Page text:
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Defense Secretary Lloyd Austin is making clear he wants to keep the military’s COVID-19 vaccine mandate in place to protect the health of the troops, as Republican governors and lawmakers press to rescind it. This past week more than 20 Republican governors wrote to President Joe Biden asking that the administration remove the mandate. They say it has hurt the U.S. National Guard’s ability to recruit troops. Congress may consider legislation this coming week to end the mandate as a requirement to gather enough support to pass this years’ defense budget, which is already two months late. Austin says the mandate has kept the forces healthy.


The United States soccer team captivated the nation with its brief World Cup run. That run ended Saturday with a 3-1 loss to the Netherlands in the round of 16. The second-youngest team at the tournament played only four games but it was enough to thrill diehard supporters in Doha and briefly unite a fractured nation back home. Fans gathered outside the stadium ahead of Saturday's match to bond over the American team before they marched in together as a collective fan club. United States captain Tyler Adams says “the support has been amazing."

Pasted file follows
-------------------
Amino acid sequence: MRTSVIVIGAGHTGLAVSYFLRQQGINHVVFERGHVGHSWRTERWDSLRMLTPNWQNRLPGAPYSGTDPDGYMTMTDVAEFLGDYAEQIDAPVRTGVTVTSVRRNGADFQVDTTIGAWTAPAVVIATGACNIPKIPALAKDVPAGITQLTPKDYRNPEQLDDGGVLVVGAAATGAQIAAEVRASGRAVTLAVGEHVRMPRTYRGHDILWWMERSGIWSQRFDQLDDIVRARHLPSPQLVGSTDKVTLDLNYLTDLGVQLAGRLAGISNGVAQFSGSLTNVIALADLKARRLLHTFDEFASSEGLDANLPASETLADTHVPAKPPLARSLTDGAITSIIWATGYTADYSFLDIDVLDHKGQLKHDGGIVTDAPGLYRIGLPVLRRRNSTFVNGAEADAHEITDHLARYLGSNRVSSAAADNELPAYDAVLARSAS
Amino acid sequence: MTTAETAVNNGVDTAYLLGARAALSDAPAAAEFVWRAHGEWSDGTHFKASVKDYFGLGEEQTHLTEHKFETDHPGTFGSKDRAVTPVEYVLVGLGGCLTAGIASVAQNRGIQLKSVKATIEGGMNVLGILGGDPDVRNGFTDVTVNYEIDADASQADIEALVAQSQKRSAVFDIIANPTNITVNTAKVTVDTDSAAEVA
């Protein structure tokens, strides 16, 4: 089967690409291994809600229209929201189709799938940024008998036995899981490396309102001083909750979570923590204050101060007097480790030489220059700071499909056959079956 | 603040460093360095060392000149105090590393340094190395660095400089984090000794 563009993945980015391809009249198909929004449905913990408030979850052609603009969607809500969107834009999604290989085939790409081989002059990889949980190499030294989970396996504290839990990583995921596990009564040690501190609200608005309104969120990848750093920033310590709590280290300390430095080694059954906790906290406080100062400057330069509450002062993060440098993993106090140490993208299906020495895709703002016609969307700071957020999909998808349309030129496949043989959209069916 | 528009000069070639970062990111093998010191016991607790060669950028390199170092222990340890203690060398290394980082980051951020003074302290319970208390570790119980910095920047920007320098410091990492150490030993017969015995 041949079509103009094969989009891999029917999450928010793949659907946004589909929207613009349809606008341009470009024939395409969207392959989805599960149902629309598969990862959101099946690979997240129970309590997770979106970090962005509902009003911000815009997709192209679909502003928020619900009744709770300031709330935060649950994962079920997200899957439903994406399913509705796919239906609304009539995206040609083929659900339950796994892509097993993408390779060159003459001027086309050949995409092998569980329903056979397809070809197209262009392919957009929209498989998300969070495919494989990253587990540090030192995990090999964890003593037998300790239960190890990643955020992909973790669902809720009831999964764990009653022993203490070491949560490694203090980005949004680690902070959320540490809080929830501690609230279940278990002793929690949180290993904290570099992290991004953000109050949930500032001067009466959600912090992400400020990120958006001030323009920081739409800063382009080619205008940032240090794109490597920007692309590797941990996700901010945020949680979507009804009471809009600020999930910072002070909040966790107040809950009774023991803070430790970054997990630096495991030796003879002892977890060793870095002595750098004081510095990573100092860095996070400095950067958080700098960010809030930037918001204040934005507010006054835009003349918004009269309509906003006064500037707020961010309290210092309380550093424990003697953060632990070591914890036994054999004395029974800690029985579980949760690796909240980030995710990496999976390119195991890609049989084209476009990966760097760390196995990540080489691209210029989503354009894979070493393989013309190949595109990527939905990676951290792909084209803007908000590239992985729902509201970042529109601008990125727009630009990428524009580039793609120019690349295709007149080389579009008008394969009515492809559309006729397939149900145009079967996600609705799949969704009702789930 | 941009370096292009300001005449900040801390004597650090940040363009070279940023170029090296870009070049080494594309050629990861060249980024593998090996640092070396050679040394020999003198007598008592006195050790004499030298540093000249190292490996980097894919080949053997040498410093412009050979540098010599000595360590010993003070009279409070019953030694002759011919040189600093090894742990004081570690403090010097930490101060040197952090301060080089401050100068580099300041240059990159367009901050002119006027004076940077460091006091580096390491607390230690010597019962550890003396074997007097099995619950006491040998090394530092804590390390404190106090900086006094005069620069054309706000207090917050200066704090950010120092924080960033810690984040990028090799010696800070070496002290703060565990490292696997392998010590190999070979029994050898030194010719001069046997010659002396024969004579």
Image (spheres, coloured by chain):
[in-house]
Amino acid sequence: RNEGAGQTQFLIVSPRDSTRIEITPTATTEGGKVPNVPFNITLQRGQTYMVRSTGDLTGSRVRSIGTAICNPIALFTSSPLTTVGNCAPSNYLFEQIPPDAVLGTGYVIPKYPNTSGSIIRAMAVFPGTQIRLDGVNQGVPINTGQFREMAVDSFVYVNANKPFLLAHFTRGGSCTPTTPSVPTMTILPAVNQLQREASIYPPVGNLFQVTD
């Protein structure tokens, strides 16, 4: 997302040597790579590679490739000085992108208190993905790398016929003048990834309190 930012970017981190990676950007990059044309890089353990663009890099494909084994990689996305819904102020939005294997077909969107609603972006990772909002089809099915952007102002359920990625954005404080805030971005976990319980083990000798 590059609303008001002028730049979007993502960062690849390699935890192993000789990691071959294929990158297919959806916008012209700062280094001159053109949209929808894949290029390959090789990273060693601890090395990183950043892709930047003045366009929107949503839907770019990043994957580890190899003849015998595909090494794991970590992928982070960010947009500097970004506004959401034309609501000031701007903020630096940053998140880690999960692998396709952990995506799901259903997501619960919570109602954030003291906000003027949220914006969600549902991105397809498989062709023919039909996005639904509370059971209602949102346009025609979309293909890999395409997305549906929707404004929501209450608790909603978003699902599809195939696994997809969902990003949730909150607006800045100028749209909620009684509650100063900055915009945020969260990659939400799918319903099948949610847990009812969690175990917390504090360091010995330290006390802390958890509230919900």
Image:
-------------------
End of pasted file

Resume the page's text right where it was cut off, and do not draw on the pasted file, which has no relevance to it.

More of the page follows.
Five Louisiana-based soldiers have been arrested for an alleged Thanksgiving night sexual assault. News outlets report the Vernon Parish Sheriff’s Office said the five men stationed at the U.S. Army’s military base at Fort Polk are accused of drugging and raping two women in Rosepine.  Authorities said one victim said she knew one of the five men who arrived at her home Nov. 24. Both women told detectives they drank alcohol that the men brought, but noted they felt unwell and came close to losing consciousness. Sheriff Sam Craft said forensic testing performed later on the women showed injuries consistent with sexual assault.

U.S. troops have resumed joint patrols with Kurdish-led forces in northeast Syria days after they were stopped amid Turkish threats of a new ground incursion into the war-torn country. U.S. officials had said the patrols that resumed Saturday are not to counter Islamic State group militants. They say the patrols will be limited to areas around a sprawling camp housing mostly women and children linked to IS as well as prisons where the Kurdish-led Syrian Democratic Forces are holding thousands of extremists. Turkey has launched a barrage of airstrikes on suspected militant targets in northern Syria and Iraq in retaliation for a deadly bombing in Istanbul that Ankara blames on Kurdish groups.

U.S. forces have stopped joint military patrols in northern Syria to counter Islamic State extremists, as Turkish threats of a ground invasion stymie those missions with Kurdish forces. Other security patrols, particularly around prisons, will begin again on Saturday. U.S. Central Command on Friday said American troops have now paused all of the joint operations with the Kurdish-led Syrian Democratic Forces against IS in Syria. It said the Kurdish and U.S. forces continue to conduct patrols and maintain security at the al-Hol displaced persons camp and the prisons.